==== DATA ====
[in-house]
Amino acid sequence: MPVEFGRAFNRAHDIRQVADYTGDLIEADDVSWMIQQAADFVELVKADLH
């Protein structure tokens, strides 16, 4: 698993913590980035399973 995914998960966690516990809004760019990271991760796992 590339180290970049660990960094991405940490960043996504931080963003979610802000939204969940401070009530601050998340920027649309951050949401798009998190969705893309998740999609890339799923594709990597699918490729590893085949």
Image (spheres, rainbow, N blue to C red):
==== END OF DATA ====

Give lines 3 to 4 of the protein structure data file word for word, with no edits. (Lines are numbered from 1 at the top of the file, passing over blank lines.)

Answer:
């Protein structure tokens, strides 16, 4: 698993913590980035399973 995914998960966690516990809004760019990271991760796992 590339180290970049660990960094991405940490960043996504931080963003979610802000939204969940401070009530601050998340920027649309951050949401798009998190969705893309998740999609890339799923594709990597699918490729590893085949």
Image (spheres, rainbow, N blue to C red):